(Reuters) – The once-brash U.S. shale industry, which spent profusely in recent years to grab market share, is now focused on preserving cash, putting it at a disadvantage to low-cost OPEC producers as the global economy begins to gear up again.
Prior to the pandemic-induced downturn, OPEC countries led by Saudi Arabia restrained their production, eager to bolster prices to fund national budgets dependent on oil revenue. Shale drillers took advantage, boosting U.S. output to a record 13 million barrels a day.
But attendees of the year’s top energy conference made clear that even with a buoyant, $60-per-barrel oil price, shale will not come roaring back from the Covid-19 pandemic as it did from the 2016 downturn.
By contrast, the Organization of the Petroleum Exporting Countries and allies, known as OPEC+, has more than 7 million barrels of daily oil output sitting in reserve. This positions them to boost production much more easily than shale players for the first time in years.
The concern about free-wheeling shale companies taking advantage of OPEC’s output curbs led to a brief supply war in March 2020. Russia balked at a three-year agreement to extend production cuts, and Saudi Arabia responded by flooding the markets with oil, leading U.S. futures prices to slump to negative-$40 a barrel.
“Let’s face it. OPEC has had a very difficult time managing to accommodate the U.S. shale players and their ability to grow at low prices,” said IHS Markit analyst Raoul LeBlanc, adding that the key debate within OPEC is what oil price is just low enough to avoid a massive U.S. response.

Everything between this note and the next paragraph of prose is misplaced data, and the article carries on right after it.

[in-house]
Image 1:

The pandemic destroyed a fifth of global fuel demand, and numerous shale companies declared bankruptcy, while others arranged mergers to offload debt. Frustrated investors sent energy-related stocks slumping throughout 2020.
While shale executives expressed concern about reopening the wells too quickly, OPEC nations are expected to ease supply curbs at their meeting later this week, without having to look over their shoulder at shale.
“The worst thing that could happen is that U.S. producers start growing rapidly again,” said ConocoPhillips Chief Executive Ryan Lance.
The market widely expects OPEC to ease production cuts, which were the deepest ever, by around 1.5 million barrels per day (bpd), with OPEC’s leader, Saudi Arabia, ending its voluntary production cut of 1 million bpd. (Graphic: Pandemic ends U.S. oil output) climb)
At CERAWeek, OPEC vs. shale is often discussed as a showdown between competing interests, but the dynamic of Texas vs. the Middle East is nearly invisible this year. Just one panel discussion in a five-day schedule focused on shale. Neither the Exxon or Chevron CEOs mentioned shale during their talks. Both companies have cut spending in the U.S. Permian Basin.
Crude on Tuesday topped $60 per barrel, up from $44.63 at the start of December, high enough to bolster U.S. producers’ earnings given recent cost cuts.
In the past, rising prices have enticed shale companies to ramp up production even after they promised prudence, and $60 oil would have once prompted companies to rush drilling rigs and frack fleets back to work. That is not happening now.
“They are not taking the bait,” LeBlanc said.
Private companies are likely to increase oilfield activity, but not enough to meaningfully boost U.S. output, said LeBlanc, adding that U.S. spending is likely to remain around $60 billion, flat with 2020, as companies prioritize shareholder returns.
“The severe drop in activity in the U.S. along with the high decline rates of shale and the pressure from investment community to maintain discipline instead of growth means in my view that shale will not get back to where it was in the U.S.,” said Occidental Petroleum CEO Vicki Hollub.
(Reporting by Jennifer Hiller; additional reporting by Laila Kearney and Devika Krishna Kumar; editing by David Gaffen and David Gregorio)